Follow Us on Twitter

Peaky Blinders: Season 5 (Mr Jones) - Final episode reviewed

Peaky Blinders

Review by Rob Carnevale

IndieLondon Rating: 4 out of 5

THE fifth season of Peaky Blinders proved to be a long, tumultuous and – ultimately – torturous journey for leading man Tommy Shelby (Cillian Murphy), culminating with one of the most downbeat endings in the series’ history.

Having had to navigate his way through a seemingly endless army of new enemies throughout the season, Tommy looked set to have masterminded the perfect ending to his predicament. But fate conspired against him, along with family members and even more enemies, to deliver a devastating final blow.

Breaking with tradition, Steven Knight’s season climax didn’t tie things up neatly. Rather, it left things on the steepest of cliff-hangers, with the fate of the Shelby patriarch very much hanging in the balance.

A final shot had Tommy screaming into the mist and putting a gun to his head, as he finally realised he had met the enemy he could not defeat. Knight’s complex screenplay was such, however, that we weren’t quite sure which enemy he meant: the one that had yet to reveal himself, or the enemy within.

Tommy had spent most of the series haunted by the ghosts of victims past, dabbling with death on several occasions. Yet throughout, he had found a way to keep going, to outsmart his enemies and to make a lasting impression on the political scene.

Murphy played this journey brilliantly, expertly tip-toeing the line between ruthless yet sympathetic, wise yet fool-hardy, arrogant yet wracked with self doubt and even a hint of self-loathing. It’s a complex performance to match the complexity of the screenplay.

And while some have criticised this fifth season for being overly dark, overly complex and more than a little muddled (all valid, at various points), Murphy has been a steadying presence: a compelling leading man whose continued journey down the rabbit hole has all the hallmarks of latter day Michael Corleone: another crime overlord who sought, so desperately, to find a way out, only to repeatedly find himself being pulled back in.

True, the fifth season of Peaky Blinders did test the patience at times, with a myriad of new villains coming at the expense of some superficial character development for some of its principal supporting players.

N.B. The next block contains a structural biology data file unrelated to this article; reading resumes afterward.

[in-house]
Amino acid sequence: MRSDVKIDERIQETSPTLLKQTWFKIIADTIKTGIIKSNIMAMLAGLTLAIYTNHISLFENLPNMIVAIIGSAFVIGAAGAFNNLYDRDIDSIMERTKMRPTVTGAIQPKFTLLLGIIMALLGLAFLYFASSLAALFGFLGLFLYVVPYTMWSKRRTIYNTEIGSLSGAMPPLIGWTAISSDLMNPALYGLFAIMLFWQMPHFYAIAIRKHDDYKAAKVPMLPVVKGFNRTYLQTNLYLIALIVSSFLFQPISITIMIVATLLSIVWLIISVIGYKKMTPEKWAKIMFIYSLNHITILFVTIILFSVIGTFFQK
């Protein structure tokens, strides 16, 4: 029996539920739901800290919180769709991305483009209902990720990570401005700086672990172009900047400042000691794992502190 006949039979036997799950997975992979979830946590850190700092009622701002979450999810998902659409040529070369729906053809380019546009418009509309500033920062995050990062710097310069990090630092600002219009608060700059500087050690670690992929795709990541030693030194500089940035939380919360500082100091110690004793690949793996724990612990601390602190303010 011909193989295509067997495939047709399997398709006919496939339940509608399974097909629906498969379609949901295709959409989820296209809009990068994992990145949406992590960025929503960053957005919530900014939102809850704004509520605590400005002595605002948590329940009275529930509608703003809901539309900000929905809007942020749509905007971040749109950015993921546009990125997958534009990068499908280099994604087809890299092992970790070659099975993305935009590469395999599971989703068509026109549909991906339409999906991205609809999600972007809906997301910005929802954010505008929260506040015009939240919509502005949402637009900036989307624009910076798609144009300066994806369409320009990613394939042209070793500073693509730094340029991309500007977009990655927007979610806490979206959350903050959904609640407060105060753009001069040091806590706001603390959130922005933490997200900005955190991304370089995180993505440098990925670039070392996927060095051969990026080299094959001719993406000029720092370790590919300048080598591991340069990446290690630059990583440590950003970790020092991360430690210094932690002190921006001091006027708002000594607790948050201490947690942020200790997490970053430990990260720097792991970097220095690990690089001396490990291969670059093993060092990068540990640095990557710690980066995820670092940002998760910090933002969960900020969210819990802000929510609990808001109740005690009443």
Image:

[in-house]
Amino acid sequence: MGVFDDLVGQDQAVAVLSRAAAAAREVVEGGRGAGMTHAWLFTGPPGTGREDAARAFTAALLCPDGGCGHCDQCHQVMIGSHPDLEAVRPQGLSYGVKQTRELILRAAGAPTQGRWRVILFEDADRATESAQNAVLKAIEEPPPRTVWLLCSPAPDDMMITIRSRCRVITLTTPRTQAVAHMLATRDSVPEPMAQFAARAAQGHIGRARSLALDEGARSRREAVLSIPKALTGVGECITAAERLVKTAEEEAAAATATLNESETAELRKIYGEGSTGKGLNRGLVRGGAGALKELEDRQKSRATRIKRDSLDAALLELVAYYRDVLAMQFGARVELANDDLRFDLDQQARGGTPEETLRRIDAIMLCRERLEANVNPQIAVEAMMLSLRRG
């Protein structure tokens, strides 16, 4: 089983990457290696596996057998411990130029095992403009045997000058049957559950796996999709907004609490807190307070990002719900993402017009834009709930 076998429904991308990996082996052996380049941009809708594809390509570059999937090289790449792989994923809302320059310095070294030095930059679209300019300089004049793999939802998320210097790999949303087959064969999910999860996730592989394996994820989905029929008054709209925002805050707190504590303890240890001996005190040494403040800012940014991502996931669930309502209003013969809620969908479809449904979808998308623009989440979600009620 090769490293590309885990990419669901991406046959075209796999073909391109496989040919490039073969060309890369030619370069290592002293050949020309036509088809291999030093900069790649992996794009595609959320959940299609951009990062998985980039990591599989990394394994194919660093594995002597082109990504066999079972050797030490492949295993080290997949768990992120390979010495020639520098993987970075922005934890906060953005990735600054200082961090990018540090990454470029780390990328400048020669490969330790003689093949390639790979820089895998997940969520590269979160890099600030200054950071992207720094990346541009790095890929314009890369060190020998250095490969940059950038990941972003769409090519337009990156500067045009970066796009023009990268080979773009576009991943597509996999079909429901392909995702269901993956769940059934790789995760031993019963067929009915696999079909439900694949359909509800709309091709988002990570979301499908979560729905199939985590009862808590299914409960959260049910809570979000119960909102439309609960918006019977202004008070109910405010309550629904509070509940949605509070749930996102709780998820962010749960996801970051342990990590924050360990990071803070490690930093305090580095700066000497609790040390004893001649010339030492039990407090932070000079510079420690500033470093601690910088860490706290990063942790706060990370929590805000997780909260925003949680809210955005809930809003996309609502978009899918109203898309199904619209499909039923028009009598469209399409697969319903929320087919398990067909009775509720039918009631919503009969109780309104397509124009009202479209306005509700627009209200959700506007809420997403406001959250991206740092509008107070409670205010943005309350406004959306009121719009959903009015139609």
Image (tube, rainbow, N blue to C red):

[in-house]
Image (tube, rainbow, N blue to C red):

But it also had moments of brilliance. And patience was ultimately rewarded in this final episode, as Tommy’s plan to assassinate Oswald Mosley (Sam Claflin) backfired spectacularly.

In those final few giddy moments, Aberama Gold (Aidan Gillen) was brutally murdered, Arthur (Paul Anderson) barely survived an attempt on his life, and unlucky sniper Barney Thompson (Cosmo Jarvis) was slain by a gunman before he could take the fateful shot to complete the assassination of Mosley.

But who pulled the about turn? We know Finn’s slip to footballer turned singer Billy Grade (Emmett J Scanlan) was the decisive moment, given that Grade immediately reached for his phone to inform someone of the assassination plot. But who did the call go to? Was it Michael Shelby (Joseph Michael Cole) making his play for power? The plan B that his American sweetheart wife, Gina, had earlier alluded to? That’s where my money lies.

What this sixth and final episode of the season did do, in spectacular fashion, was ensure that every Peaky Blinders fan will be counting down to the start of the sixth run of the drama, desperate to gain the answers to the many questions posed. It ensured that Peaky Blinders remained must-see viewing.

And it compensated for the slightly uneven, sometimes frustrating nature of the early part of the finale, when the wheels turned a little slowly to allow for a proper resolution to every character arc.

Going into the episode, there was already a lot of loose ends to tie up. But Knight’s screenplay opted for a talky approach that offered no clues about the mayhem to follow. It even felt indulgent at times, given the stakes involved.

And while it’s always welcome to have Tom Hardy on-screen, the surprise return of his character, Alfie Solomons, from his apparent death, placed a strain on credibility. Can we really now believe that anyone is truly gone?

Hardy and Murphy were, of course, great together. But coming in a final episode that had so much to tie up, this lengthy exchange felt misplaced and threatened to undermine the episode’s momentum.

Mosley, meanwhile, was given very little to do in the wake of his memorable speech from last week. Likewise, the Billy Boys’ Jimmy McCavern (Brian Gleeson), who never did get his reckoning, either with Aberama or Arthur (he lives to fight another day).

While most of the female characters played second fiddle to their male counterparts, which saw them depart the series with a whimper after some promising character building.

It wasn’t really a surprise that so many things were left up in the air, or that so many characters felt under-developed given the starts the series afforded them. If anything, the short nature of the series – six episodes – seemed to place too much of a time constraint on the ambitious screenplay.

Criticisms aside, the positives still managed to outweigh those negatives… not least because of Murphy’s towering central presence. So long as Tommy remains such a dangerously enigmatic presence, Peaky Blinders remains a gripping proposition. Roll on series six!

Read our review of the previous episode